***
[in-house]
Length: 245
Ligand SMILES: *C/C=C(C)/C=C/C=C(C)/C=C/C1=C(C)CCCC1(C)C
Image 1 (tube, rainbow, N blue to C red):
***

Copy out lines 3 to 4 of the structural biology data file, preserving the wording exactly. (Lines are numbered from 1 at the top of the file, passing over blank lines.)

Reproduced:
Ligand SMILES: *C/C=C(C)/C=C/C=C(C)/C=C/C1=C(C)CCCC1(C)C
Image 1 (tube, rainbow, N blue to C red):